A Venezuelan businessman was accused in Florida of laundering money after paying bribes to PDVSA


A Italian-Venezuelan citizen was indicted before a Florida judge for laundering money in the United States from inflated contracts, obtained thanks to the payment of bribes to officials of the state oil company PDVSAthe US justice announced on Wednesday.

Christmas D’Amato, 61 years old and resident in Venezuela, was accused of 11 crimes of money laundering and illegal transactions via the bank accounts of their companies in South Florida between January 2013 and December 2017, the Justice Department said in a statement.

During this period, D’Amato companies received about $ 160 million from PDVSA joint ventures in their Florida accounts with several foreign companies in the Orinoco Strip, a region very rich in oil.

According to the indictment, the accused used part of the money received to bribe at least five Venezuelan officials who worked in joint ventures Petrocedeño, Petropiar, Petromonagas, Sinovensa and Petromiranda, mostly owned and controlled by PDVSA, to obtain lucrative contracts at inflated prices to sell goods and services to these companies.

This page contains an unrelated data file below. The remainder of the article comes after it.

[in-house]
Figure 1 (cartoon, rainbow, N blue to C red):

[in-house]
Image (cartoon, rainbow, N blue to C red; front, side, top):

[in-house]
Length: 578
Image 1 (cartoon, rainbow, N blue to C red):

American justice seeks to seize $ 45 million currently in D’Amato’s Florida accounts involved in the alleged crimes.

The United States imposed financial sanctions on Venezuela that include an oil embargo in force since April 2019, and offers a 15 million dollar reward for information leading to the capture of President Nicolás Maduro, whom it accused of “narco-terrorism.”

Amid penalties and mismanagement, PDVSA lives its worst moments since the nationalization of the energy sector more than four decades ago.

Venezuela’s production, from 3.2 million barrels a day of crude 12 years ago, has fallen to 400,000 b / d in recent months, falling back to levels of the 1930s.

Despite having the largest proven crude oil reserves in the world, Venezuela has had to resort to ships loaded with gasoline and derivatives from Iran in recent months to alleviate an acute fuel shortage.

Despite pressure from the United States and 50 other countries that do not recognize him as president, Maduro remains in power backed by the Armed Forces and key allies such as China and Russia, as well as Iran, Cuba and Turkey.

(With information from AFP)


After allowing de facto dollarization, the Nicolás Maduro regime announced a tax on currency transactions

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